LM: The session on prose poetry will be fun! Prose poetry is not always embraced by some diehard poets, but as time goes on and more and more of it is getting published, it’s becoming much more “acceptable” in the poetry community. I think prose writers who think they can’t write poems or feel they aren’t interested in poetry, might be surprised at what they can do with this form. On the other hand, some poets, even if they accept that prose poems are an acceptable form of poetry, may find that they just “can’t write” a prose poem because they feel they need those line breaks and stanzas. Certainly, you can consider prose poems as a playful union between prose and poetry. After all, what makes a poem a poem? Line breaks, stanzas, imagery, exciting word choices, and cadence. So, as long as you take your paragraph, and make sure it has great imagery, interesting word choices, and has good cadence – you could consider it one big stanza…or a prose poem. Of course, there’s a lot more to it than that, and that’s why you should sit in on my prose poem session.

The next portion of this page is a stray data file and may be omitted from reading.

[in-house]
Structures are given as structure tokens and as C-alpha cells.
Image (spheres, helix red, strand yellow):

MWW: You are certainly a prolific poet and artist! What are some of the techniques you use to get to the page and generate words?

LM: As a writing instructor for the past 18 years, I sneak in writing when I give students prompts or a writing assignment. When I’m not in the classroom, I carve out at least 10 minutes a day to write something – even if it’s a list of ideas that I want to write about – and that keeps the writing coming. I love prompts and have generated quite a few of my own just by observations, but I also love some prompts from creative writing textbooks that I have on hand; those also can keep me writing if I don’t have any idea what to write about when I sit down to write a new poem. Also, I highly recommend finding a small writing group of maybe three to six people, that you trust and make dates each month to meet up and share new work. I’m lucky enough to have several writing groups that I engage in regularly and that also keeps the writing flowing as who wants to show up without something new to share and get honest critique! I do paint and am lucky enough to get into juried shows and as much as I say I’m going to, I rarely combine the two talents. This year is the year I swear I’m going to finally do it – and we’ll see.